Compared to the same month last year trailer orders in July were up 40 according to FTR Photo Sean KilcarrAmerican Trucker

Compared to the same month last year, trailer orders in July were up 40%, according to FTR. (Photo: Sean Kilcarr/American Trucker)

Trailer orders expected to lag as summer ends

However, research firms believe another surge in trailer orders may begin in September.

While trailer orders declined month-over-month July, according to the latest data, and are expected to keep dropping in August, the year-over-year trend is far stronger – with orders expected to pick back up starting in September.

Research firm FTR Transportation Intelligence said its data indicated final July net trailer orders reached 13,400 units, falling 29% when compared to June’s number.

Meanwhile, ACT Research said its preliminary estimate for net trailer orders hit 14,450 units for the month of July.

However, compared to the same month last year, trailer orders in July were up 40%, while order activity “met expectations in all segments” except for flatbeds, which took a bit of a hit, noted Don Ake, FTR’s vice president of commercial vehicles.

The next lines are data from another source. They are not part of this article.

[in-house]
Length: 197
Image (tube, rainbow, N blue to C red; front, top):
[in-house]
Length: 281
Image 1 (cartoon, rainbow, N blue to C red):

“The trailer market had a typical month of July,” he said in a statement. “Orders usually fall as fleet managers take a break and turn their focus to next year. The bright spots this month are the strong flatbed orders, in that production did not fall much from June’s impressive totals. This indicates production should be fairly steady the rest of the year.”

Frank Maly, ACT’s director of CV transportation analysis and research, forecast a similar trend.

“We saw continued strong year-over-year net order performance last month. As has been the pattern, solid dry van commitments helped lead the total industry, with significant year-over-year gains in flatbed trailers occurring as well,” he said in a statement.

“July is historically the weakest order month of the year, as fleets pause to reassess their equipment needs for the remainder of the year,” he said.

FTR’s Ake agreed, adding that most fleets have their trailer orders in for this year and, as a result, August orders should be “subdued” before starting to recover in September. 

FTR noted that trailers order have now totaled 264,000 units over the past twelve months, with trailer production falling over 3% from June on a per day basis and backlogs falling 8%, remaining 12% below a year ago.

“Another positive for the industry is that cancellations remain low,” added ACT’s Maly. “Fleets are obviously standing firm with their order commitments, an indication of fleet confidence in the near-to-medium term outlook.”

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